Analysis of the Palaeolithic diet shows no social divisions in food consumption

Biochemical analysis of human remains has become a key feature in our understanding of past peoples. Ancient DNA and stable isotope analysis are now considered primary sources of information in the study of the geographic mobility of populations, their genetic affinities, and their diets.

The study of the human diet in Palaeolithic times is currently among the research areas generating the greatest advances in knowledge. Analysis of the Palaeolithic diet is conducted mainly on the basis of stable isotopes of carbon and nitrogen, which are present in the collagen of human bones. These isotopes indicate the types of food consumed by the individual in the years leading up to their death. Read more.

Shrimp from the Deepest Point of the Ocean Show Radiation from Nuclear Bombs

Researchers have found that shrimp collected from the deepest points of the ocean contain radioactive carbon that they have absorbed from the detonation of nuclear bombs.  The scientists collected the crustaceans from three deep trenches in the West Pacific, including the world's deepest ocean trench, the Mariana.  During examination, the crustaceans were dissected and their tissue tested positive for signs of Carbon-14, a radioactive isotope that was released during the detonation of nuclear bombs in the 1940s. Read more.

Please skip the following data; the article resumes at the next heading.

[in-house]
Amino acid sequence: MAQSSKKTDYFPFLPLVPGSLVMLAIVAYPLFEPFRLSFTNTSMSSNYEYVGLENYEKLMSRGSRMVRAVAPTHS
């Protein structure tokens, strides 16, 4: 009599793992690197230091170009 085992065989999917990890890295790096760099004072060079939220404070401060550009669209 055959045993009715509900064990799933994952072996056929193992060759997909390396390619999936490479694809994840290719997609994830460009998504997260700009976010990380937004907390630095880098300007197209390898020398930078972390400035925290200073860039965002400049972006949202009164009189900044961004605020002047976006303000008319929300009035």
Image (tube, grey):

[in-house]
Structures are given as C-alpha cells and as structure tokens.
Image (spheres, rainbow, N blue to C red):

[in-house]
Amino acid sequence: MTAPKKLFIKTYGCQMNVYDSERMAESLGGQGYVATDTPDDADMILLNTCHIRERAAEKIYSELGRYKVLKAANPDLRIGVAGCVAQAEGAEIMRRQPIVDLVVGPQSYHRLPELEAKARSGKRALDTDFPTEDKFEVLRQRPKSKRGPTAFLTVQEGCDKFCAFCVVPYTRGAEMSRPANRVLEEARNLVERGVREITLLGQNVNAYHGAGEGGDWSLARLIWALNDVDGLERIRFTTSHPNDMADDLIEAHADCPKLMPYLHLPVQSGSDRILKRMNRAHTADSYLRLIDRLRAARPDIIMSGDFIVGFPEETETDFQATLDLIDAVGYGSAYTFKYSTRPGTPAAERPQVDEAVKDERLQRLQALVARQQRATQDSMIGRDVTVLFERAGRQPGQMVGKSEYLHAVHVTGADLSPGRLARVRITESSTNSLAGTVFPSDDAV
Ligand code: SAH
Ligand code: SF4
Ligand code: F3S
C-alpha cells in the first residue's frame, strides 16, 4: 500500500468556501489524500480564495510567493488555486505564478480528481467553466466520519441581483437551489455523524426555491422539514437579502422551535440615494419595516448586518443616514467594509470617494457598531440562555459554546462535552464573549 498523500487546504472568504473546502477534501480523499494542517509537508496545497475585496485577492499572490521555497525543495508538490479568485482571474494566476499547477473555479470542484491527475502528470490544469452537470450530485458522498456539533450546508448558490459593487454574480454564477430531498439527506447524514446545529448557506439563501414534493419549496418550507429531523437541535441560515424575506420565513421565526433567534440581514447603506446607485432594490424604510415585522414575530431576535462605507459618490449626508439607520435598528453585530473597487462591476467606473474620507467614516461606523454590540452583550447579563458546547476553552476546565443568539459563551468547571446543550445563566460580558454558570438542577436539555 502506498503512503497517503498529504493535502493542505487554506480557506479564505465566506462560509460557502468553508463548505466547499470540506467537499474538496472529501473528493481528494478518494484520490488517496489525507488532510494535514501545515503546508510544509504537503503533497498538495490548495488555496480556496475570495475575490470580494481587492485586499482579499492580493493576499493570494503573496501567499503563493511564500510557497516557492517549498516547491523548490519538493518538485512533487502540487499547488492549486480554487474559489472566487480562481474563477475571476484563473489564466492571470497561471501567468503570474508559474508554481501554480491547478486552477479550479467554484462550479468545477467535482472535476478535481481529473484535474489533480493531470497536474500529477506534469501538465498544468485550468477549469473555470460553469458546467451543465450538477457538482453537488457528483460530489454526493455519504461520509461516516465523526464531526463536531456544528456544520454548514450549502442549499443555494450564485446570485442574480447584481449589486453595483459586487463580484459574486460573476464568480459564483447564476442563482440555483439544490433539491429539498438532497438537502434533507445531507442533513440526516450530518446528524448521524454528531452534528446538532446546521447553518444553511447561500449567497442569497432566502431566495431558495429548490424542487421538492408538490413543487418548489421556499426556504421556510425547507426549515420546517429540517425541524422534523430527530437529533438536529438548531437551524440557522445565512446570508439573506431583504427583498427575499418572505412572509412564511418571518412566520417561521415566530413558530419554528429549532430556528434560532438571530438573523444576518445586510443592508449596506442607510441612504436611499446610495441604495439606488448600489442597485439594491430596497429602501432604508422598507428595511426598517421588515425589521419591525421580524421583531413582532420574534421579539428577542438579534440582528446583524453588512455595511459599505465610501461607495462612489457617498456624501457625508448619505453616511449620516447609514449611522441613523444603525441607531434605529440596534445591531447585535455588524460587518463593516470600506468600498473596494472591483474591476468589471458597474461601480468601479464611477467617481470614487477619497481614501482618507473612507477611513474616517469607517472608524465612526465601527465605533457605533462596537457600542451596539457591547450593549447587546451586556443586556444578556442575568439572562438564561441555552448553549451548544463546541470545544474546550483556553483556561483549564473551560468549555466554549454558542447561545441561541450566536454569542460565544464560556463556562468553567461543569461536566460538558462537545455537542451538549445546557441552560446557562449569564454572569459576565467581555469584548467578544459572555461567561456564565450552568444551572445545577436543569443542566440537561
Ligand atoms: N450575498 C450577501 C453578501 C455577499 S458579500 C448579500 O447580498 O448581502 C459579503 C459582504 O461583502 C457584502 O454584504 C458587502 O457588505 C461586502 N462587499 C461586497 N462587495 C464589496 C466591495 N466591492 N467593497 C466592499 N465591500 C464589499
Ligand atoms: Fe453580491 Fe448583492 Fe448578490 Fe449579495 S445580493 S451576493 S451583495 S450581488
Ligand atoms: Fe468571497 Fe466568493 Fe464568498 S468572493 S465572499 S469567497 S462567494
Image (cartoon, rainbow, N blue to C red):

Locked in a Meteorite, Memories of How Our Sun Behaved in Its Youth

Meteorites are spacefaring museums preserving physical and chemical information from a long-gone era.

The formation and evolution of our Solar System is one of the cornerstone problems of modern astronomy.

One widely accepted yet incomplete model suggests that a portion of large and dense molecular cloud collapsed at a point, to form a protostar and a protoplanetary disk surrounding it. As this proto-Sun evolved to a more stable form, the gas and dust surrounding it cooled and coagulated to form small and large bodies that we see today as asteroids, comets, rocky planets and gas giants. Read more.

Solved: How the ‘Monstrous’ Iguanas of the Bahamas Got So Darn Big

The secret’s in the seabirds.

An endangered subspecies of iguana called the Allen Cays rock iguana has drawn John Iverson, a biology professor from Earlham College in Indiana, to the Exumas for the past four decades. These iguanas were once confined to just two islands, Leaf Cay and U Cay, but by the late 1990s Iverson noticed some had spread to nearby islands, especially Allen Cay. The simple explanation was that winds and currents had whisked baby iguanas across the 300-foot-wide channel separating Leaf and Allen Cays. There was just one problem: The iguanas on Allen Cay were relative giants, twice as long and six times as heavy as their counterparts on other islands. Read more.